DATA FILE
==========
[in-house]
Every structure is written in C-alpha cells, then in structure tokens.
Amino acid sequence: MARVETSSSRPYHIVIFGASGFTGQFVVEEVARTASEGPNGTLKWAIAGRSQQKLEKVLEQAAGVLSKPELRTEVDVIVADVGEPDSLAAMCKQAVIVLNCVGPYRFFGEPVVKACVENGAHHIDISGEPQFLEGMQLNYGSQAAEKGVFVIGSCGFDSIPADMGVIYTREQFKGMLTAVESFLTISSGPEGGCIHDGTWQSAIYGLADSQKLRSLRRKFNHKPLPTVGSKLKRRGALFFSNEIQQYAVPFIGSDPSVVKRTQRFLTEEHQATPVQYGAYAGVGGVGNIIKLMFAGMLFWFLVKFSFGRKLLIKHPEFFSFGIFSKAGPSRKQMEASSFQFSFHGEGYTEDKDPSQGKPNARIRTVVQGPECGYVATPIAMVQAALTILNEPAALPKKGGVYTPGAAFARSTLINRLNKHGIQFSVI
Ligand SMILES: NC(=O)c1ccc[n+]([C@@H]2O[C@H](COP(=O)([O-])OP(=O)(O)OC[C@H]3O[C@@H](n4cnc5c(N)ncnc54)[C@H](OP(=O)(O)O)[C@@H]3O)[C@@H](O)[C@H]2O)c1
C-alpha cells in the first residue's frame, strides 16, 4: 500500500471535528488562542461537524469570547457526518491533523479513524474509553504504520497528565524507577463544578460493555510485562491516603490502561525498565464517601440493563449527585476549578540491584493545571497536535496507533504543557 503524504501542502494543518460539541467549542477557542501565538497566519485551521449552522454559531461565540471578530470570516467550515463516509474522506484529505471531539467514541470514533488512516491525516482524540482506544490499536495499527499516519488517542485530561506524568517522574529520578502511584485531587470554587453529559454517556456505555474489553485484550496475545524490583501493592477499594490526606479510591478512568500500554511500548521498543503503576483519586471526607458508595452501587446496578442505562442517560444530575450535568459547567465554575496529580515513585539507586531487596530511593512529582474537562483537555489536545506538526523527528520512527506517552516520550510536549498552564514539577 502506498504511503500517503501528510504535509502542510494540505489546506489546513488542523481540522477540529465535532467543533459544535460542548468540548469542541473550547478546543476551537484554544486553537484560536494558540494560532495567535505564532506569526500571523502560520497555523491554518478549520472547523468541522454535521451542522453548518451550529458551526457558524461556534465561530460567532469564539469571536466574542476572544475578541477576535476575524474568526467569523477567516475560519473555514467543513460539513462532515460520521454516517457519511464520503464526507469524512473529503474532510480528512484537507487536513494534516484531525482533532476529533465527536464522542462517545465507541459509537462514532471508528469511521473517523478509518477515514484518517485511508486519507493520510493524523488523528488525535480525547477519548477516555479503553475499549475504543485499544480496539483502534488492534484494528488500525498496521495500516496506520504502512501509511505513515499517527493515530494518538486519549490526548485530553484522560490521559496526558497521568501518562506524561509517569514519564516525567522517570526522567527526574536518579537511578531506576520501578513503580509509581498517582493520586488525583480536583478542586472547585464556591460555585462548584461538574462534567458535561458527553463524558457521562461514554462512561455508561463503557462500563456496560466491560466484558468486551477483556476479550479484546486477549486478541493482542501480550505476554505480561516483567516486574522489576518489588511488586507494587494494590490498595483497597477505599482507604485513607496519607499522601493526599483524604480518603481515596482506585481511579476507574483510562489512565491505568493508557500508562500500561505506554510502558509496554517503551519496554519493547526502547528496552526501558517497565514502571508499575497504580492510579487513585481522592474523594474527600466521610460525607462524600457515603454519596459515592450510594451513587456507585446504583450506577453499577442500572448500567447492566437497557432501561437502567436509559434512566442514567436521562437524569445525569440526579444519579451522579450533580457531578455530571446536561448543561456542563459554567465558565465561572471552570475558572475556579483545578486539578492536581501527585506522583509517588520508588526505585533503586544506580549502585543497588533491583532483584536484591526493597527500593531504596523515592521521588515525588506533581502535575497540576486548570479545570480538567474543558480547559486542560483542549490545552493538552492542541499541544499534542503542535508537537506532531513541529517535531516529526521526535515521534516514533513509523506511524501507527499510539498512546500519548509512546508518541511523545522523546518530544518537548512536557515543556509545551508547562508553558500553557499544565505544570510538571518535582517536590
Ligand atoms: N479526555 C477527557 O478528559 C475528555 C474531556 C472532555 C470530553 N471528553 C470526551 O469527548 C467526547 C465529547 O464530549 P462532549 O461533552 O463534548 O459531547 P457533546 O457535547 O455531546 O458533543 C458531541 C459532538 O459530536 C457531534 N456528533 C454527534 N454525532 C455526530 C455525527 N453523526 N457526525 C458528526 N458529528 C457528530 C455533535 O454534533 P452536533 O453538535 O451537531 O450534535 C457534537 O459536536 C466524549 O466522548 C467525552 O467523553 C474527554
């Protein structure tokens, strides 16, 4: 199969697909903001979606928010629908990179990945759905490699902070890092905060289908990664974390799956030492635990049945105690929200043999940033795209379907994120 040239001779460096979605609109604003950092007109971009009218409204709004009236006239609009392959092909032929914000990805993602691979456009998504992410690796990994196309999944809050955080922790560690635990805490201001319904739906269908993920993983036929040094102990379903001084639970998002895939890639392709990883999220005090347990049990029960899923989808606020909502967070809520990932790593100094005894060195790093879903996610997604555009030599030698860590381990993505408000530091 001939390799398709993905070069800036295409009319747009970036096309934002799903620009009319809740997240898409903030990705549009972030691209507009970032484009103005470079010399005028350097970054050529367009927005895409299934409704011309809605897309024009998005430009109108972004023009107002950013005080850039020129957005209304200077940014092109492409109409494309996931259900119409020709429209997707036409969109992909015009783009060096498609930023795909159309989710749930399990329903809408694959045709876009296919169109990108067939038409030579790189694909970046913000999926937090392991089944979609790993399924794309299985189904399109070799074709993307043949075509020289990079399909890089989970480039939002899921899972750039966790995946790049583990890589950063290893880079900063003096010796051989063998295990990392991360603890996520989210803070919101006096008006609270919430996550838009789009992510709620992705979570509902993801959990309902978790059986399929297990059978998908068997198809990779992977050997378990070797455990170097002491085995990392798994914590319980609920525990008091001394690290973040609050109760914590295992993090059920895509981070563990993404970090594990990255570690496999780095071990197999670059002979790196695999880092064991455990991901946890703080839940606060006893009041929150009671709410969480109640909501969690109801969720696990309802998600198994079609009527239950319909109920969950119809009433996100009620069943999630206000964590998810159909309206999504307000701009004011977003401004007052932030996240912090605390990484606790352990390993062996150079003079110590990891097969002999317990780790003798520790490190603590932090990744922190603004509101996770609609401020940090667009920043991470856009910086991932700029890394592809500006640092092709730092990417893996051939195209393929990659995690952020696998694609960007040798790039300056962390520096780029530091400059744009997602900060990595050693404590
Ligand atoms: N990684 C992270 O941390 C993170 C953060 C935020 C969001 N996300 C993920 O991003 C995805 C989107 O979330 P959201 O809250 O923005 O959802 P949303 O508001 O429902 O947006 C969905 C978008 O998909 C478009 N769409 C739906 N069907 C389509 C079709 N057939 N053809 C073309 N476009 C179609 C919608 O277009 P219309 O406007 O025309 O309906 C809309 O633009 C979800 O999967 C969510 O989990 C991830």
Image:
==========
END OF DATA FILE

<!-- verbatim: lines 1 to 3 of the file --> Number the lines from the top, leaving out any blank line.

[in-house]
Every structure is written in C-alpha cells, then in structure tokens.
Amino acid sequence: MARVETSSSRPYHIVIFGASGFTGQFVVEEVARTASEGPNGTLKWAIAGRSQQKLEKVLEQAAGVLSKPELRTEVDVIVADVGEPDSLAAMCKQAVIVLNCVGPYRFFGEPVVKACVENGAHHIDISGEPQFLEGMQLNYGSQAAEKGVFVIGSCGFDSIPADMGVIYTREQFKGMLTAVESFLTISSGPEGGCIHDGTWQSAIYGLADSQKLRSLRRKFNHKPLPTVGSKLKRRGALFFSNEIQQYAVPFIGSDPSVVKRTQRFLTEEHQATPVQYGAYAGVGGVGNIIKLMFAGMLFWFLVKFSFGRKLLIKHPEFFSFGIFSKAGPSRKQMEASSFQFSFHGEGYTEDKDPSQGKPNARIRTVVQGPECGYVATPIAMVQAALTILNEPAALPKKGGVYTPGAAFARSTLINRLNKHGIQFSVI